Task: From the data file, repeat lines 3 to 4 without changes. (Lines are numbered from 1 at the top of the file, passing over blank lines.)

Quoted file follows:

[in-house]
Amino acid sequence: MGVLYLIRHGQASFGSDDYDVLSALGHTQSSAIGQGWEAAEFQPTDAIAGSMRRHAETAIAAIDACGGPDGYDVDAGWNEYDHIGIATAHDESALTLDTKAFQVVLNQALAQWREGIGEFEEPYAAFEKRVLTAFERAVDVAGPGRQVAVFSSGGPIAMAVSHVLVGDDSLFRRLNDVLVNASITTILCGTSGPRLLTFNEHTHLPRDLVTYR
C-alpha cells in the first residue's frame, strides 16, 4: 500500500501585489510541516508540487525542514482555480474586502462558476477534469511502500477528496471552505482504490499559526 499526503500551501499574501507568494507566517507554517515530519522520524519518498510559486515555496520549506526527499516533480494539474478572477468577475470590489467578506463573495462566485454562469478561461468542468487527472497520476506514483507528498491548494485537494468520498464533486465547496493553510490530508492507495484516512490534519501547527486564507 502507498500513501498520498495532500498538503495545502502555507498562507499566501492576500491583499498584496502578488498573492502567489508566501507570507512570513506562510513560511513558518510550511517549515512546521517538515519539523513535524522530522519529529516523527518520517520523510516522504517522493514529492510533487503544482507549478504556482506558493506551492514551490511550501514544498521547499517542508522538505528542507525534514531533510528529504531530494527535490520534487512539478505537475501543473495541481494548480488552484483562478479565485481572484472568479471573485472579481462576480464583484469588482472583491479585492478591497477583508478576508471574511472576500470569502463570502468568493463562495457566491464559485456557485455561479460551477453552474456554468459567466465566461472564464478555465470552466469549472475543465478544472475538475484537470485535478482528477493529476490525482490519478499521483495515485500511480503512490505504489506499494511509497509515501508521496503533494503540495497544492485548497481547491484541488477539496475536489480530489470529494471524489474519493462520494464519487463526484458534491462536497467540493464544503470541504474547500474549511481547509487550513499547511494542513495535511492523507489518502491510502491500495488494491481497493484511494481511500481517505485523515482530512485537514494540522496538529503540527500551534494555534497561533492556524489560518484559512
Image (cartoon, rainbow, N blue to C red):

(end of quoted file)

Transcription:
C-alpha cells in the first residue's frame, strides 16, 4: 500500500501585489510541516508540487525542514482555480474586502462558476477534469511502500477528496471552505482504490499559526 499526503500551501499574501507568494507566517507554517515530519522520524519518498510559486515555496520549506526527499516533480494539474478572477468577475470590489467578506463573495462566485454562469478561461468542468487527472497520476506514483507528498491548494485537494468520498464533486465547496493553510490530508492507495484516512490534519501547527486564507 502507498500513501498520498495532500498538503495545502502555507498562507499566501492576500491583499498584496502578488498573492502567489508566501507570507512570513506562510513560511513558518510550511517549515512546521517538515519539523513535524522530522519529529516523527518520517520523510516522504517522493514529492510533487503544482507549478504556482506558493506551492514551490511550501514544498521547499517542508522538505528542507525534514531533510528529504531530494527535490520534487512539478505537475501543473495541481494548480488552484483562478479565485481572484472568479471573485472579481462576480464583484469588482472583491479585492478591497477583508478576508471574511472576500470569502463570502468568493463562495457566491464559485456557485455561479460551477453552474456554468459567466465566461472564464478555465470552466469549472475543465478544472475538475484537470485535478482528477493529476490525482490519478499521483495515485500511480503512490505504489506499494511509497509515501508521496503533494503540495497544492485548497481547491484541488477539496475536489480530489470529494471524489474519493462520494464519487463526484458534491462536497467540493464544503470541504474547500474549511481547509487550513499547511494542513495535511492523507489518502491510502491500495488494491481497493484511494481511500481517505485523515482530512485537514494540522496538529503540527500551534494555534497561533492556524489560518484559512
Image (cartoon, rainbow, N blue to C red):